Florida Forestry Information
Caprifoliaceae
The Honeysuckle Family
 
The honeysuckle family includes 10 genera and about 275 species of trees, shrubs, and herbs.  This family is noted its many fine shrubs with attractive flowers and colorful fruits. 

 Click on the links below for an introduction to some of the plants of this family:
 
elderberry
rusty blackhaw
Japanese honeysuckle
 
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Sambucus canadensis 
elderberry 
 
Habit

The elderberry is a soft-stemmed shrub which grows to a height of about 12 feet.  This shrub is particularly noted for its attractive compound foliage and inflorescence - large branched clusters of tiny white flowers. 
 
Leaves 

Leaves are odd-pinnately compound, opposite, and deciduous.  The lower leaflets may be irregularly lobed.  The upper leaflets are long, elliptic and have an acute apex.  Leaf bases are rounded to acute.  Leaf margins are serrate.  The leaf petioles are 1-3 inches in length, with pubescence.  The upper surface of the leaflets is dark green, with short pubescence on the midrib.  The lower surface is paler green, glabrous, and pubescent along the midrib and major veins. 
 
Flowers 
 
The flowers of this plant are perfect, with tiny white petals.  The flowers are clustered in a relatively large characteristic branched inflorescence which is flat-topped to broadly rounded.  Flowering may extend across much of the season, although peak bloom occurs mainly in mid-summer.   
 
Fruit 
 
Fruit is a very small, juicy, purplish-black berry-like drupe. 
 
Habitat 

Elderberry grows in moist to wet open places, on the borders of swamps and wet woodlands, ditches, canal banks, bayous, wet clearings, and disturbed sites.  This plant occurs throughout the eastern and midwestern U.S., Canada, and Mexico. 
 
Use 

This tree is sometimes used as an ornamental. 
 

Click on the link below to see more information on and/or images of this tree (use the "Back" function to return here):
 
Query the USDA Plant Database
 
 
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Viburnum rufidulum 
rusty blackhaw viburnum 
 
Habit 

The rusty blackhaw is a shrub or small tree, 20-25 feet high, 3-6 inches in diameter.  In the forest it produces a short, clear bole, which supports an open, rounded, or flat-topped head.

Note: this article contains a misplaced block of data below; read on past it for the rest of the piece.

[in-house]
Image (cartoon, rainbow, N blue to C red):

Leaves 

Leaves are simple, opposite, and deciduous.  Leaves are 2-3 inches long, 1-1.5 inch wide, oval-shaped, with a rounded or abruptly sharp pointed apex.  Leaf bases are rounded or wedge-shaped.  Leaf margins are finely, sometimes remotely serrate.  Leaf surfaces are dark, lustrous green above, paler below with scattered, rusty-red hairs along the midrib and principal veins.  Petioles are stout, about 1/2 inch long, grooved, sometimes winged, and often covered with rusty red pubescence. 
 
Flowers 
 
The flowers of this plant are perfect and in flat-topped, sessile clusters, 4-6 inches wide. 
 
Fruit 
 
Fruit is an oblong, bright blue drupe, sometimes covered with a whitish, waxy layer, about 1/4 inch wide, occurring on red stalks in drooping clusters. 
 
Twigs 

Twigs are stout, dotted with small, reddish-colored lenticels, and clothed in woolly rusty red hairs.  Pith is rounded or angular and homogeneous. 

Bark 

Bark is dark brown to nearly black, divided transversely and longitudinally by narrow fissures, giving it the appearance of alligator skin.  The bark of this tree somewhat resembles that of the flowering dogwood (Cornus florida). 
 
Habitat 

The rusty blackhaw viburnum is an understory species found on a variety of sites.  It grows best on moist, rich alluvium.  It is found from southwestern Virginia west through southern Illinois to central Missouri and eastern Kansas; south to Florida; west through the Gulf region to eastern Texas. 
 
Use 

This tree is sometimes used as an ornamental. 
 

Click on the link below to see more information on and/or images of this tree (use the "Back" function to return here):
 
Query the USDA Plant Database
 
 
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Lonicera japonica 
Japanese honeysuckle 
 
Habit 

The Japanese honeysuckle is a high-climbing or trailing woody vine with attractive flowers. 

Leaves 

Leaves are simple, opposite, and evergreen.  The leaves are 2-3 inches in length, pubescent, and oval shaped with an acute apex.  Leaves on new spring shoots may be deeply, almost pinnately, lobed.  Leaf bases are rounded.  Leaf margins are entire.  The leaf petioles are very short with pubescence. 
 
Flowers 
 
The flowers of this plant are perfect, fragrant, and occur on short stalks.  The flowers are white becoming cream colored or pinkish-purple.   
 
Fruit 
 
Fruit is a very small, black berry containing many lustrous black seeds. 
 
Habitat 

The Japanese honeysuckle is native to Asia but is widely naturalized in the U.S.  It is found in woodlands, fields, thickets, and roadsides.  This plant is commonly overwhelming and eradicates native flora.  It is difficult to control.  It is common throughout the midwestern and eastern U.S. 
 

Click on the link below to see more information on and/or images of this tree (use the "Back" function to return here):
 
Query the USDA Plant Database
 
 
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